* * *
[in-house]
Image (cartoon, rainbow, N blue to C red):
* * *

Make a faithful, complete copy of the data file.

[in-house]
Image (cartoon, rainbow, N blue to C red):